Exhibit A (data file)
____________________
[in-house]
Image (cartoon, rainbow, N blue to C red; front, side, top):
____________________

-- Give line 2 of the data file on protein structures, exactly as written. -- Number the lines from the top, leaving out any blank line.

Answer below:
Image (cartoon, rainbow, N blue to C red; front, side, top):